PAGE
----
The long-delayed Snoopers' Charter allowing increased interception of communications by the security services and the police is set to be introduced at last, Home Secretary Theresa May has suggested.
Within minutes of results indicating a likely Conservative majority government early this morning, May responded to BBC questioning by restating her aim of giving the security services more freedom to intercept Britons' communications data.
Coalition conflicts regarding the controversial Draft Communications Data Bill are no longer applicable within a consolidated Conservative majority, and May's statement suggests the Home Office is prioritising the re-introduction of the bill, which will extend the breadth, depth, and bulk of state interception of communications data.
Nicknamed the "Snoopers' Charter", the bill had been opposed by the Conservatives' Liberal Democrat partners in government.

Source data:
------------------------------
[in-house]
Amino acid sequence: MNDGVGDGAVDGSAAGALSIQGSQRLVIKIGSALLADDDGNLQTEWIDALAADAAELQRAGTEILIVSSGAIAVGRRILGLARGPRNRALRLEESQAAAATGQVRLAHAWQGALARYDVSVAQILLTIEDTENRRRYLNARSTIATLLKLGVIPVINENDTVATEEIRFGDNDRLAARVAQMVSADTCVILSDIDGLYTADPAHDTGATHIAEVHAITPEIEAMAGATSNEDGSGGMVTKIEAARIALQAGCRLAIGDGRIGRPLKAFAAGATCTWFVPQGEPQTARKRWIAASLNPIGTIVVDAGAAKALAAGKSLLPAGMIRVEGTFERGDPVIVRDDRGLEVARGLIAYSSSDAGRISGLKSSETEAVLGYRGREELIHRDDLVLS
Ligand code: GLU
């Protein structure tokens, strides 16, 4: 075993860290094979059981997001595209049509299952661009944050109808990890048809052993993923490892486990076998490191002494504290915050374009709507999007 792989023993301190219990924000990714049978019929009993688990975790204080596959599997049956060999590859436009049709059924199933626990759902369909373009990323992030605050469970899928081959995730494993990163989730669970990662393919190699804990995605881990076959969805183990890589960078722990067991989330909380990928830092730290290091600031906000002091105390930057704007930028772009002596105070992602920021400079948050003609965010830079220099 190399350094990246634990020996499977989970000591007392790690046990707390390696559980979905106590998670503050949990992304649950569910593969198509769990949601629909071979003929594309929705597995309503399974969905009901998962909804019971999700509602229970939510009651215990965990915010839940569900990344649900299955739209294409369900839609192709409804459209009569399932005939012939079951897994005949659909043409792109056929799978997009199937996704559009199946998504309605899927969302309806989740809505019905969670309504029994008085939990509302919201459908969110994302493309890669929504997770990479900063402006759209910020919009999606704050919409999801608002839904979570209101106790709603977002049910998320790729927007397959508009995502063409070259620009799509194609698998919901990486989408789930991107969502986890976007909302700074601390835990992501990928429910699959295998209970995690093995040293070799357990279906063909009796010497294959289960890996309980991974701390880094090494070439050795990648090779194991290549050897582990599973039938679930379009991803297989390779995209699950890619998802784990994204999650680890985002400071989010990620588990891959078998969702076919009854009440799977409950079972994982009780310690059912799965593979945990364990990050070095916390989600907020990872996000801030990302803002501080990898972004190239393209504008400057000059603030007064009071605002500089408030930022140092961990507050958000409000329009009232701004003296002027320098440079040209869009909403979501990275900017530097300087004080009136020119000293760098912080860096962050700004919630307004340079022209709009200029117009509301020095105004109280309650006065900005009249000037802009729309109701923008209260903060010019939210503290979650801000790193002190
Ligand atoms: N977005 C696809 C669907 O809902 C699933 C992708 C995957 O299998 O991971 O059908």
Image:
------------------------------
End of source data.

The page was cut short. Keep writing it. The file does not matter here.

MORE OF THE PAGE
Despite this setback, state surveillance activities actually increased year-on-year under the Coalition government.
The Communications Data Bill has been awaiting introduction in various forms ever since 2008, when it was announced by Gordon Brown, who as Labour Prime Minister enjoyed a much stronger majority (66 seats) than Mr Cameron has won today. Nonetheless the Snoopers' Charter didn't make it onto the statute books then. As it is known to have opponents on the Tory backbenches also, Ms May may still find she has a fight on her hands to get it introduced now.
The Register has contacted several parties for comment and analysis and will update with a further article when these are available for publication. ®